The typhoo, named Typhoon Haiya, which struck The Philippines on Friday 8th November, has wreaked havoc on a number of the country’s islands.
Over 50,000 people have been left homeless by the storm including people with diabetes, a number of which will rely on regular insulin injections.
Amongst those caught in the storm and left homeless was Helen Cordial who has diabetes. Mrs Cordial was one of 3,000 people on the island of Samar who fled the destruction of the storm to find help at the airport of Tacloban. With homes destroyed and electricity cut off, keeping insulin cool and getting fresh diabetes supplies is either very difficult or impossible.
However, relatively few people have been offered help and evacuated out of the island to get care. Amongst those taken to safety have been babies, elderly people and those that are in medical difficulties but Mrs Cordial is one of those that had a desperate wait for help.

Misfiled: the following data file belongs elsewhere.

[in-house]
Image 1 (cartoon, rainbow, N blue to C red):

The 40 year old had been shaking on a stretcher, waiting for support . She told reporters: “I was pleading with the soldiers. I was kneeling and begging because I have diabetes,” adding: “Do they want me to die in this airport? They are stone-hearted.”
Mrs Cordial worried that the number of people that lay dead could pose a health risk to those that had survived. The death toll is believed to be around 2,500 people. Mrs Cordial noted: “[The dead] should be removed right away because all of us will get sick.”
However, medics urge that the focus needs to be on getting help and care to the living amongst the community. The panic reflects the confusion and struggle to arrange priorities in the wake of such a sudden and devastating natural disaster.

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